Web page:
“That makes our Online Project Showcase resource on the website so important,” says Julie.
“It’s a fantastic listing in one place – of projects across every field – that focus on advancing women and girls. It’s a bit like ‘RSVP’ for donors – making the job of looking to get the right fit for their philanthropy dollar simpler.”
Julie herself has a history of involvement in philanthropic ventures. Her husband, Lindsay Field, is a musician and the Executive Producer for Myer’s Spirit of Christmas CD, and she has always played a part in the project. Then a few years ago, she began a masters in Philanthropy and Social Investment at Swinburne University in Melbourne, partly to pursue her interest in philanthropy in a very structured and intentional way, but also, she admits, as a bit of career shopping exercise.
“I had no idea what opportunities existed in the sector. I was working in TV production, putting together segments that profiled and supported charities and individuals doing great things in the community. I realised it was doing those pieces, and my own private involvement in philanthropy, that gave me the buzz. Rather than my sense of social justice being something I did part time and outside my work life – which after all is where we spend the majority of our time – I thought, why not embrace it as a total career.”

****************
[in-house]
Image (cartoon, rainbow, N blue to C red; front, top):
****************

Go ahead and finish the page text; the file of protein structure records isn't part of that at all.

TV production, which Julie says she stumbled into following time in Public Relations and government, was exciting, challenging but hard to balance with family: “TV is a very young industry and it keeps you very young. I’d arrived in it – a woman in her forties filling in for someone for a couple of weeks – and ended staying five years. It was never going to be long-term but it taught me to hone my people skills and sharpened the ability to get a message across quickly, efficiently and clearly, using varied, integrated mediums.”